Coping with Sept. 11

Employees may show signs of stress and grief around the anniversary of the terrorist attacks. Here are some things to watch for and tips on what to do
By
|hrreporter.com|Last Updated: 04/10/2003

The one year anniversary of the Sept. 11 attacks is approaching, and organizations should be aware of the impact grief can have on staff. With this in mind, FGI, a Toronto-based EAP consulting firm, has prepared advice for employers to help staff through what can be a difficult time.

Coping with grief

Grief is both a normal and a healthy process individuals go through in the wake of traumatic events. People exposed to such trauma, whether through direct experience and loss or from a more peripheral and observational advantage, will experience a grief response.

As the anniversary approaches, it would not be abnormal for people who appear to have been coping well become preoccupied with death and grief. It can lead to a resurgence of intense emotions similar to those experienced immediately after the attack.

Employee responses can differ based on personal experience and how closely they were affected by the attacks. Reactions may also vary based on the employee’s individual resilience to deal with such an event and the availability of a strong support network. Employees may experience:

•mood swings;

•change in sleeping habits and eating patterns;

•questioning the meaning of priorities in life;

•resurfacing of past thoughts and feelings;

•diminished energy;

•difficulty concentrating;

•feeling overwhelmed;

•increased alcohol and drug use; and

•increased physical symptoms.

Signs to watch for

There are a number of ways employers can be on the lookout for problems in the workplace leading up to the anniversary. A well performing individual may suddenly:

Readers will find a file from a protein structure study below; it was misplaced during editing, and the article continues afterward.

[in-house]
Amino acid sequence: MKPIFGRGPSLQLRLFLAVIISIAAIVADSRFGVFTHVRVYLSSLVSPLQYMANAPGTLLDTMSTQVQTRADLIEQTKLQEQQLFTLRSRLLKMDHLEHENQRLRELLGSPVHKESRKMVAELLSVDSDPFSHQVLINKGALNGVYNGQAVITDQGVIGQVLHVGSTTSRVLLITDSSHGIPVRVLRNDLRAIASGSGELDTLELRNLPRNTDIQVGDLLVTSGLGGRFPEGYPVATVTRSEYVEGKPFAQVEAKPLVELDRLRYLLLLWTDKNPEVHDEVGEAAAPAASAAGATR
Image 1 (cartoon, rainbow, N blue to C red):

•make more errors;

•demonstrate reduced or uncharacteristic performance;

•become forgetful;

•exhibit signs of frustration; and

•become disorganized or, conversely, hypervigilant.

There may be changes in behaviour, for example:

•absenteeism;

•avoidance of going to work (especially if they work in a tall building);

•fear of opening mail;

•greater emotional outbursts;

•increased substance use; and

•reduced co-operation.

What can the organization do?

There are a number of steps companies can take to help lessen the impact of the anniversary. One idea is to openly acknowledge Sept. 11 throughout the company through newsletters, memos or bulletins. Employees should be given the opportunity to commemorate the day, and should be involved in decision-making and planning for the memorial event.

Managers can also play an active role in providing support. They can:

•acknowledge employee’s concerns in a respectful, emphatic and non-intrusive manner;

•encourage employees to deal with their feelings and be patient with themselves and others;

•remind employees that they each have a very unique and resourceful way of coping with traumatic events and to continue to draw on their natural resilience;

•urge employees to reach out to people they trust;

•inform staff that these feelings may vary from day to day and may be different than the feelings and thoughts of those around them;

•prompt employees to focus their attention on the things in their life that are important and things they can influence;

•offer supportive statements of the accomplishments of the past year;

•acknowledge the impact of the upcoming anniversary date and that employees may have varying needs; and

•provide information on EAP and other community resources that are available to employees and family members.

For more information visit www.fgiworld.com.

Add Comment

  • *
  • *
  • *
  • *